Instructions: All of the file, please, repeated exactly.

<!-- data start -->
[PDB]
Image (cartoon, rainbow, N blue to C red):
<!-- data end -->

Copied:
[PDB]
Image (cartoon, rainbow, N blue to C red):